Hoists sails, and flies. “Here the folio, 1632, omits take in 'o'ertake,' and has ‘Both of the same' for 'Both as the same, of the folio, 1623; but the two folios read, “Yond ribaldred nag of Egypt,' an expression that has occasioned much doubt and comment. Tyrwhitt suggested hag for 'nag,' but the prevailing text has been "nag' and 'ribald-rid,' for ribaldred. It is to be remarked, however (a circumstance mentioned in note 7, Collier's Shakespeare,
vol. viii. p. 74), that the line is overloaded by a syllable: this redundancy the old corrector remedies, but he also instructs us, in conformity with Tyrwhitt’s notion, that hag has been misprinted nag,' and that the line ought to run thus:
Where death is sure. Yond' ribald hag of Egypt, &c.
" Ribald hag is most appropriate to Cleopatra on account of her profligacy, as well as her witchcraft; and it is just possible that in the manuscript before the compositor the word was miswritten ribaldry, which in his hands became ribaldred, and has been the occasion of considerable difficulty. Besides, how was leprosy to afflict a nag ?”
Here is another singular piece of sympathy with a suggestion of Mr. Collier's in a note on the passage where he
says, « the line would read better with ribald only!” As long since as 1826 I had shown that Steevens had mischievously departed from the language of the poet in substituting ribaldrid nag' for the undoubted word ribaudred, which is the reading of the three first folios, and not ribaldred as Mr. Collier asserts. I then gave the passage as it ought certainly to stand:
Yon ribaudred hug of Egypt,
and I have since given a more detailed note on the reading in the 3rd vol. of Notes and Queries, p. 272. It is a matter of no small surprise that Mr. Collier should have adopted the reading of Steevens, “ribald-rid nag" in his edition of Shakespeare, against the evidence of the old copies. Ribaudred is found in the Dictionaries of the poet's time. And it should be recollected that hagge had also been misprinted ragge in the Merry Wives of Windsor. The correctors had evidently no ancient authority on this occasion.
SCENE XI. P. 474. The correctors here again speak from a hint given by Mr. Collier, in a note in his edition of Shakespeare, suggesting that mered might be a lapse by the printer for mooted ; in which he himself followed Johnson's suggestion.
Ib. I do not hesitate to say that the substitution of miseries for “measures" in the reply of Enobarbus to Antony, would be to corrupt the text; the meaning of which is self-evident. Mr. Collier, in a supplemental note, has wisely abandoned his correctors here.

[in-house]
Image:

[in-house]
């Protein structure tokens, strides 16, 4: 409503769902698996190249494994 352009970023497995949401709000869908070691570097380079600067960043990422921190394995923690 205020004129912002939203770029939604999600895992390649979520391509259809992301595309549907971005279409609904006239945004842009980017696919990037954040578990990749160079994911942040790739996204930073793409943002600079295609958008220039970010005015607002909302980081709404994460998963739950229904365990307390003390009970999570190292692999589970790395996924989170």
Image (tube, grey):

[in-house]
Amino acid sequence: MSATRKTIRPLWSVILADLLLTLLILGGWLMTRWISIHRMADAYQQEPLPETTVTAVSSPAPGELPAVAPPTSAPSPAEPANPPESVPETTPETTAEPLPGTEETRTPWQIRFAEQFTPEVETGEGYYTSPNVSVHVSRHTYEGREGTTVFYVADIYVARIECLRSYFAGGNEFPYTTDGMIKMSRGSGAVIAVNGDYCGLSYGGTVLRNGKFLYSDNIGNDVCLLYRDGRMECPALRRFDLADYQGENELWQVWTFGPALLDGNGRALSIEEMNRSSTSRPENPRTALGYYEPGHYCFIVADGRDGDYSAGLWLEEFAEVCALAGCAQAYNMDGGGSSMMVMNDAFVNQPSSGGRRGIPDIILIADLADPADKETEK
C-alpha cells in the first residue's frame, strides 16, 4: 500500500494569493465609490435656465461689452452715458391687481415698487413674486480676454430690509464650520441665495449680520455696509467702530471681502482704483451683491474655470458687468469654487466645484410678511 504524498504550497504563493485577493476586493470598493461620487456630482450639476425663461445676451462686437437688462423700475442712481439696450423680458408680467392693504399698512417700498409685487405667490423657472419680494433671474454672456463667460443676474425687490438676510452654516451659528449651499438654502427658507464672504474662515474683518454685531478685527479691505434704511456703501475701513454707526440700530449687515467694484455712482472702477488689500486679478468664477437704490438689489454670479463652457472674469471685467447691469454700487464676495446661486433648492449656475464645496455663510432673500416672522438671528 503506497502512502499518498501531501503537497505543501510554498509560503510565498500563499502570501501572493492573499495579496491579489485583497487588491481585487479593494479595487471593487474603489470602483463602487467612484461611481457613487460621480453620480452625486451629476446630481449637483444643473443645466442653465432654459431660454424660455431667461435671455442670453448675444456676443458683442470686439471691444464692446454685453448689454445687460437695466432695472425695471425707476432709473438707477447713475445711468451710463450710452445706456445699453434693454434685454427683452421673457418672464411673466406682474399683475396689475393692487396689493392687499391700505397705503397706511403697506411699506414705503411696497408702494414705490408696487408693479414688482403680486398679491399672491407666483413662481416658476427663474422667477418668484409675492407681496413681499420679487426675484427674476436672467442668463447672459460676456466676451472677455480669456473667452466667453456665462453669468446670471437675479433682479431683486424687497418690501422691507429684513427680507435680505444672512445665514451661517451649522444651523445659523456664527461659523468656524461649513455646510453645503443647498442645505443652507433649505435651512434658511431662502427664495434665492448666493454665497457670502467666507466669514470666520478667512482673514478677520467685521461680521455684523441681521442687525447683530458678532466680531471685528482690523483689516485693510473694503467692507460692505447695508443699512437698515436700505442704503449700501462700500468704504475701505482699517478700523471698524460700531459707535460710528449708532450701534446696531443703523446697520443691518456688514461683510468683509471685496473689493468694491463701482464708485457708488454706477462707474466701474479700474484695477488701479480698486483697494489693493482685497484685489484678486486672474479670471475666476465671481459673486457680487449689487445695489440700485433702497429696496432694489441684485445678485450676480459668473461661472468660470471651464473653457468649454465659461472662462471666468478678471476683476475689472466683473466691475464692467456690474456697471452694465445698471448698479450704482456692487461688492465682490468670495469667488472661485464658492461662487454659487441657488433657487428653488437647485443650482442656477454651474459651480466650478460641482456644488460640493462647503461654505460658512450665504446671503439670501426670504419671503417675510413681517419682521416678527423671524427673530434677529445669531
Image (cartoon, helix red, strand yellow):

P. 475. The interpolation of the words who is in the speech of Thyreus is an uncalled-for alteration of the text; of which we have had such abundant instances from the hands of these meddling correctors.
There can be no objection to the adoption of Mason's correction of disputation to “ deputation,” as that evident misprint ought long since to have been set right in all editions, although Mr.Collier thought a clear meaning could be obtained from the old depraved reading which he gives in his text.
ACT IV. SCENE IV. P. 476. All necessary regulation of the confusion of the speeches here had long since been made by Hanmer, and adopted in all editions. The reading bear instead of hear is
Scene VIII. Ib. The self-evident correction of “guests” to gests, I had adopted from a copy with copious anonymous manuscript notes of the edition of Johnson and Steevens given by Isaac Reed in 1785. It is referred to as a proposed reading then well known.
P. 477. The change of " for " to fore in what the soldier says of Enobarbus seems unnecessary. The soldier means to say that such a prayer as the last speech of Enobarbus was not an invocation to sleep.
Ib. It seems to me that the substitution of spell for “soule,” and great for “grave" in Antony's ejaculation,
O, this false soul of Egypt! this grave charm, would be a very doubtful improvement; yet although I find
grave ” altered to great in one of my own copies, it would be dangerous to interfere with the old reading without more certain and valid reasons for changing it.